Juno Therapeutics is selling off for the second day in a row after the company released additional data from the TRANSCEND study of JCAR017 in patients with relapsed or refractory (r/r) aggressive B-cell non-Hodgkin lymphoma (NHL) in a presentation at the 59th American Society of Hematology (ASH) Annual Meeting and Exposition over the weekend.
While the data remains very impressive, with lymphoma patients who have run out of options seeing complete responses, Juno is still behind its CAR-T (chimeric antigen receptor T-cell) rivals Novartis (NVS) and Gilead (GILD) in the blood cancer space.
Last week, Juno announced three license agreements to advance its program in multiple myeloma using gamma secretase inhibitors (GSIs) in combination with BCMA-directed CAR T cells. This is another market where Juno is behind, as blue bird bio (BLUE) -- partnered with Celgene (CELG), who coincidentally owns almost 10% of Juno shares -- has reported impressive results in its anti-BCMA CAR-T therapy targeting multiple mylemoa. BLUE surged to new highs yesterday on the strong results.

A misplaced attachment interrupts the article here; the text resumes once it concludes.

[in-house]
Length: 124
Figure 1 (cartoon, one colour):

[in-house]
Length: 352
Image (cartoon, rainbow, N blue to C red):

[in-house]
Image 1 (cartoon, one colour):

Juno shares are back at support in the mid-$40s after closing below the 50-day moving average yesterday. The stock is down down dramatically this week but has still had a great year, up 140% year-to-date and almost 50% since Gilead acquired its rival Kite Pharma for $12 billion. The long-awaited big M&A deal from Gilead really validated CAR-T therapy, which is arguably the most exciting sect of the immune-oncology revolution we have seen in recent years. Juno is partnered with oncology giant and Juno investor Celgene on its lymphoma franchise. Juno's market cap is currently $5.2 billion.